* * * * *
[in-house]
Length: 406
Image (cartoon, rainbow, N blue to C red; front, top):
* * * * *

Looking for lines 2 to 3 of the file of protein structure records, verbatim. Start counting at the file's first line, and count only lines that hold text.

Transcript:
Length: 406
Image (cartoon, rainbow, N blue to C red; front, top):